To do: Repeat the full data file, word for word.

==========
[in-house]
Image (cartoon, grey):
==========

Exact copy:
[in-house]
Image (cartoon, grey):